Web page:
The son of Russian immigrants, Sheldon Silver was born on Feb. 13, 1944, on the Lower East Side, a working-class neighborhood that he would call his lifelong home and that helped to form both his political beliefs and his base of power. He trained as a lawyer — earning a degree from Brooklyn Law School — but also enjoyed more street-level activities, playing basketball on the city’s public courts, a passion he shared with former Gov. Mario M. Cuomo and other city lawmakers.

He ran for Assembly in 1976, crushing a Republican opponent, Leonard Wertheim, and joining a chamber that included Chuck Schumer — now the state’s senior U.S. senator. Mr. Silver rose in the ranks, eventually becoming the chairman of the Codes Committee, which oversees criminal law, and continued to practice law, two threads that would collide in his eventual corruption conviction.

Early political victories reflected his legislative savvy and his religious faith: An Orthodox Jew, he sponsored a 1983 law that abolished religious barriers to remarriage for Jewish women — who required a “get,” or Jewish divorce decree, from their husbands — in opposition to traditional Jewish law. He also helped outlaw autopsies when the procedure was contrary to religious belief and had no “compelling public necessity,” according to his Assembly biography.

His rise to speaker came via tragedy in 1994, when then-Speaker Saul Weprin died from complications of a stroke. Mr. Silver had been serving as interim speaker, ascending to the job with the support of other New York City Democrats, who wield profound power in the Assembly.

Making deals with the State Senate, ruled by Republicans, required a deft negotiator, according to Joseph R. Lentol, a former Democratic assemblyman from Brooklyn, who said Mr. Silver played a key role in securing state money in the early 1990s to fund the hiring of police officers in the city, clean up Times Square and help spark “the renaissance of New York City.”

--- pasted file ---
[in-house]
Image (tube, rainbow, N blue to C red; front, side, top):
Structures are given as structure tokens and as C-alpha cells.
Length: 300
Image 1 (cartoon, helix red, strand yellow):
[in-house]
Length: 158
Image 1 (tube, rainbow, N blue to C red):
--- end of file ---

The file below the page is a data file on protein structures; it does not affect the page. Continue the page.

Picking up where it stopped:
“He was able to work things out and make compromises with a Republican Senate and very often a Republican governor,” Mr. Lentol said, noting that Mr. Silver had served for 12 years under Gov. George E. Pataki, a three-term Republican.

In 2000, Mr. Silver faced a revolt on the Assembly floor from a faction of Democrats, many of them from upstate, who were dissatisfied with his leadership. The attempt at a coup failed, but it wounded Mr. Silver politically and made public a remarkable intraparty power struggle that would have typically played out behind closed doors in the Capitol.

In 2007, Mr. Pataki was replaced by Gov. Eliot Spitzer, beginning a streak of Democratic governors in New York that continues to today. But even as governors — and New York City mayors — came and went, Mr. Silver continued to serve, becoming perhaps the most powerful man in the state, able to shape legislative agendas and multibillion-dollar budgets to his will.

At the same time, his legal practice continued to churn, eventually leading to his indictment and arrest on charges that he had steered grants to a Columbia University cancer researcher, Robert N. Taub, in exchange for referring cancer patients to a law firm, Weitz & Luxenberg, which kicked back part of its fees to Mr. Silver. Another scheme involved similar fees being paid to Mr. Silver by two real estate developers.

His arrest in 2015 rocked Albany, upending years of stability and opening the door for a wave of young, more progressive lawmakers, a trend that eventually led to Democrats’ capturing the State Senate in 2018.

During his sentencing last year amid the pandemic, Mr. Silver’s lawyers asked a judge to allow him to avoid prison and serve a term of home confinement, arguing that imprisonment would increase his chances of becoming ill or contracting the coronavirus. Judge Valerie E. Caproni of Federal District Court in Manhattan, who oversaw the case, denied the request.

“Your honor, I do not want to die in prison,” Mr. Silver had written the judge.

Mr. Silver is survived by his wife, Rosa, and four children, Edward, Esther, Janine and Michelle.

William K. Rashbaum contributed reporting.